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For many, TOURNAI is Wallonia’s most interesting and enjoyable town, its ancient centre latticed by narrow cobbled streets and straddling the sluggish, canalized River Escaut (Scheldt in Dutch). Its pride and joy is its magnificent medieval cathedral, a seminal construction whose stirring amalgamation of Romanesque and early Gothic styles influenced the design of other churches far and wide. Most visitors zero in on the cathedral to the expense of everything else, but the town centre also holds lots of handsome eighteenth-century mansions in the French style – stately structures with double doors, stone lower and brick upper storeys, overhanging eaves, elongated chimneys and, often as not, fancy balconies and a central (horse-carriage) courtyard. Add to this several excellent restaurants, and the town’s proximity to the extravagant châteaux of Beloeil and Attre, and you’ve reason enough to stay a night or two, especially as tourism here remains distinctly low-key, with barely a tour bus in sight.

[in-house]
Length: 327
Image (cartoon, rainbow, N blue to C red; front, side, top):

The city was founded by the Romans as a staging post on the trade route between Cologne and the coast of France. Later, it produced the French monarchy in the form of the Merovingians, a dynasty of Frankish kings who chose the place as their capital – Clovis, the most illustrious of the line, was born here in 465. It remained under French control for a large part of its subsequent history, and stayed loyal to its king during the Hundred Years’ War. Indeed, the constancy of its citizens was legendary: Joan of Arc addressed them in a letter as “kind, loyal Frenchmen”, and they returned the compliment by sending her a bag of gold. Incorporated into the Habsburg Netherlands in the 1520s, Tournai was retaken by Louis XIV in 1667, and although this period of French control only lasted fifty years or so, Louis left his mark on the town with the heavyweight stone quays that still flank the river, and in scores of handsome mansions. Sadly, much of central Tournai was damaged by German bombing at the beginning of World War II, but enough has survived to reward a thorough exploration.

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